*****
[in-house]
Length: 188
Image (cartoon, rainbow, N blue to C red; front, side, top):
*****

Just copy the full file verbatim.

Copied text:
[in-house]
Length: 188
Image (cartoon, rainbow, N blue to C red; front, side, top):